I have spent a goodly part of my life in study and research. During the last thirty years I have read every single piece of literature on the subject of Spiritualism that I could. I have accumulated one of the largest libraries in the world on psychic phenomena, Spiritualism, magic, witchcraft, demonology, evil spirits, etc. some of the material going back as far as 1489, and I doubt if anyone in the world has so complete a library on modern Spiritualism, but nothing I have ever read concerning the so-called Spiritualistic phenomena has impressed me as being genuine. It is true that some of the things I read seemed mystifying but I question if they would be were they to be reproduced under different circumstances, under test conditions, and before expert mystifiers and open minded committees. Mine has not been an investigation of a few days or weeks or months but one that has extended over thirty years and in that thirty years I have not found one incident that savored of the genuine. If there had been any real unalloyed demonstration to work on, one that did not reek of fraud, one that could not be reproduced by earthly powers, then there would be something for a foundation, but up to the present time everything that I have investigated has been the result of deluded brains or those which were too actively and intensely willing to believe.

         Please click this link for a scene from the 1997 film A Fairy Tale, in which Conan Doyle (played by Peter O’Toole) engages in a friendly debate on spiritualism with Houdini (played by Harvey Keitel). This scene gives us a glimpse of what it would have been like to be a fly on the wall during one of their conversations.

           Like Doyle and Houdini, Dr. Carl Jung and Dr. Sigmund Freud were the best of friends for a number of years. They were also colleagues. Freud and Jung have made their mark on history as the founders of psychoanalysis, also known as “The Talking Cure.”

Jung’s belief in spiritualism was based upon his faith in God and the afterlife. When Jung was a boy, his father experienced a crisis of faith. Jung reflected on his father’s crisis as follows:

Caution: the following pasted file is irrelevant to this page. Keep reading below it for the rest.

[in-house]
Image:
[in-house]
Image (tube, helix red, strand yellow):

God would assuredly have sent him by way of an answer one of those magical, infinitely profound dreams which He had sent to me… He [God] had even allowed me a glimpse into His own being. This was a great secret which I dared not and could not reveal to my father. I might have been able to reveal it had he been capable of understanding the direct experience of God.

Freud was skeptical about spiritualism, and believed that Jung’s belief in the supernatural threatened the reputation of the new science of psychoanalysis. Freud believed that any supernatural claims must be backed up with scientific evidence. He also believed that belief in the supernatural stemmed from the nature of human psychology, as evidenced in this quotation:

Illusions commend themselves to us because they save us pain and allow us to enjoy pleasure instead. We must therefore accept it without complaint when they sometimes collide with a bit of reality against which they are dashed to pieces.

Karl Marx had said religion is the opium of the people. Freud says something similar in the following quotation:

When man is freed of religion, he has a better chance to live a normal and wholesome life.

Please click this link for a scene from the 2011 film A Dangerous Method. In this scene, we get to witness a debate between Jung (played by Michael Fassbender) and Freud (played by Viggo Mortensen). Notice the similarities between this scene and the scene from A Fairy Tale.

           Both Doyle and Houdini’s lives and Jung and Freud’s lives outlasted their famous friendships. Perhaps, as Doyle believed, some echo of our consciousness exists after death. If so, hopefully Doyle and Houdini have reignited their friendship in the afterlife. Doyle would be happy to confirm his belief that there is an afterlife, and he would be happier still to reunite with his long-lost son. Houdini would be forced to concede that Sir Arthur was right all along. Like Sir Arthur, however, Houdini would be happy to reunite with his long-lost mother.

           Have Doyle and Houdini and Jung and Freud discovered new issues to debate in the life that comes after death? We will only know when we get there, because of what Shakespeare’s Hamlet said: Death is “the unknown country, from whose borne no traveler has returned.”